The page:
# N log n? Is plain n possible?

Hi all,

So I am somewhat confused with this lecture, and I have a few questions to clear it up.

1. Is “n log n” just reordering it like you talked about? (turning boom into bmoo and then checking bmoo) I have no clue what “log” does because I’m just starting Alg. 2 this school year.

2. I don’t understand how plain “n” could be possible. Is it possible, or is it not being possible a point that Ben is trying to make?

I’m not sure, but I think that “n log n” is the best solution here for isogram checking. I’ll look at the next video to see if it reveals anything to me.

Thanks,
Aidan M.

Edit: There was a small part I missed (that it was “n log n plus n” at around 8 mins), I understand now, thanks.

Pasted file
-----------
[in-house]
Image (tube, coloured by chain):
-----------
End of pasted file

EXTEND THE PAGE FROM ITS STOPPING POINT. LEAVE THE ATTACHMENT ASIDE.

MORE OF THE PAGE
Edit 2: I also had trouble with understanding what you meant by O(n), I thought about having an array or something of the alphabet on file to compare with.

log is short for logarythm,

I believe that (n log n) does not take into consideration the additional check for pairs. Just N is the checking for pairs. Just N therefore is not a valid check since its just comparing neighbor values and can not properly check for isograms. (n log n) + n would have to be the fastest sort to actually take into account the value checking for an isogram.

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